The Chorus of Theban Elders in Oedipus Rex are on stage at all times on a lower level from the principal actors. Since there is no curtain in Greek theatre, their choral odes and dances serve to separate one scene from another. this chorus also serves as commentators upon the action, interpreters of situations, and reinforcers of emotion. At times, the Choragos, or leader of the Chorus, speaks as a character himself.
- As Reinforcers of Emotion
When the Chorus first appears, they entreat the gods to " Be swfit to bring us rest" (160).
In Antistrophe 2, Choragos urges Oedipus to remain strong, "But now stand fast at the helm!" (654)
In Scene I, Choragos speaks to Oedipus and tells him of "A lord clairvoyant to the lord Apollo" who can aid the king in learning the cause of the plague. This man is the blind seer Teiresias, "the holy prophet/In whom alone of all men, truth was born" (285-286)
When Oedipus displays anger, Choragos tells the king that they have no need of this emotion. Then, in Scene 2, Choragos confers with Kreon, telling him he is unable to judge the character of great men such as Oedipus, yet he cautions, "Judgments too quickly formed are dangerous" (584).
Then, in Strophe I, Choragos urges Oedipus to listen to his queen, Jokaste. In Scene 3, when Jocaste leaves and is "gone/In such a passion of sorrow" (1018), Choragos asks Oedipus what is wrong, fearing the silence that may bring something dreadful.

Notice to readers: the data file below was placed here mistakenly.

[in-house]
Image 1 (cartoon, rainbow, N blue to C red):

In Ode IV, Choragos beholds the blinded Oedipus and looks upon "a sight so full of fear" (1249). He asks Oedipus how he was blinded, and he agrees that horror was everywhere for the king.
- Interpreters of Situations
In Ode I, the Chorus states that the killer of Laios will feel fate coming down upon him and flight will do him no good.
In Ode II, in the Antistrophes, the Chorus describes Oedipus as a "tyrant" and "child of Pride" whose pride and hubris "tempt and outrage God's holy law" and brings fate upon him because their "masters" have lost their respect for the gods.
Choragos speaks for all as he interprets what has happened, calling upon the men of Thebes to looks upon Oedipus, the king who solved the riddle of the Sphinx, but now is ruined:
Let every man in mankind's frailty
Consider his last day; and let none
Presume on his good fortune until he find
Life, at his death, a memory without pain. (1472-1475)
This is the moral lesson of the tragedy of Oedipus Rex.
- Commentators upon the Action
In Ode I, the Chorus remarks that never until now has anyone spoken against Oedipus the King:
And never until now has any man brought word
Of Laios's dark death staining Oedipus the King (474-475).
And, the Chorus does not believe that Oedipus is guilty:
I saw him, when the carrion woman [Sphinx] faced him of old,
Prove his heroic mind. These evil words are lies (483-484).
In Ode IV, the Chorus notes the change in Oedipus and remarks that his greatness is behind him; it is a great fall, too, as "No prince won such grace of power" (1149) and his fortunes are, indeed, changed.